A recent Irish Times article highlighted the ongoing debate on how medical research should deal with data protection and the issues arising from obtaining and maintaining the consent of the original subject. Medical and scientific researchers are closely watching the new EU General Data Protection Regulation (GDPR) and what it might mean for them and their work after it takes effect next May. Concerns are evolving too in light of new models for funding research, such as venture capital-backed projects where highly sensitive data used for research, and effectively a permanent record, may ultimately end up being used by or sold for profit to companies or other third parties anywhere in the world.
At a recent event in Dublin, the Irish Platform for Patients’ Organisations, Science and Industry (IPPOSI) explored the concerns about data protection, consent and the forthcoming regulation. IPPOSI chief executive told the event: “Patients are aware that the altruistic benefit of being involved in research far outweighs the risks, but they do expect that they will be consulted on the use of their data.” He said empowerment of the data owner was fundamental to the forthcoming changes in the law, and the event explored a model of so-called “dynamic consent” to allow people consent to have their data used for research, possibly allowing “broad consent” at the outset and opt-outs at a later stage where they did not agree to new uses. Dr Mitchell said a national response was required to GDPR and not just for health research. “I think the real crux is the code of conduct and each institution in effect will have to develop their own code of conduct as to how they approach data protection from the beginning of projects rather than having it as a kind of tick-box exercise at the end of a project,” he said
So how can we find a balance between conducting much needed medical research and protecting the privacy rights of the patients? The GDPR strongly encourages the use of data protection safeguards such as pseudonymisation. Data pseudonymisation is a process in which personal identifiers are replaced with pseudonyms enabling organisations to keep a dataset as close to the original content as possible that they can use for legitimate business purposes whilst protecting the anonymity of the data subject.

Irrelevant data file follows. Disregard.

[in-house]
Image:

Whilst pseudonymised data is still deemed personal data due to the fact that it can potentially be reversed, the level of difficulty with regards to the re-identification process is taken into account in the case of a breach. Pseudonymisation needs to run off complex algorithms that make any attempts at re-identification as difficult as possible. There has been widespread talk about criminalising any attempts to de-pseudonymise data with the UK looking to pass a bill to this effect as reported by the Guardian.
There are two types of pseudonymisation techniques that are typically used, random replacement and consistent replacement:
- Random replacements: For e.g. John Smith gets randomly replaced with another name, but each time John Smith goes through the pseudonymisation process the replacement names will vary.
- Consistent replacements: For e.g. John Smith gets replaced with the same replacement name each time thus enabling analysis of this individual over time but without revealing their identity.
Both the Random and Consistent replacements can have statistical distribution applied to them ensuring the replacements are of similar statistical value to the original data, therefore making any re-identification more difficult. Rounding numbers to the nearest ‘X’ value and capping them at ‘Y’ prevents for e.g. being able to trace the age back to a specific individual. For instance, if there was only one patient over the age of 90, then the age alone could potentially identify that individual.
Under GDPR, it is essential to restrict access to personal data especially if it is not required for a specific legitimate business purpose and if it is not aligned with the consent of the data subject. The application of appropriate pseudonymisation techniques such as using consistent replacement with statistical distribution for the names so that every entry for John Smith is automatically replaced with Joe Bloggs would allow research into a person’s medical history whilst protecting their anonymity.
While pseudonymisation might not solve all the problems, it should certainly solve some and help to bring more balance to this equation.
If you would like to learn more about Wizuda’s pseudonymisation feature, please contact us today at www.wizuda.com.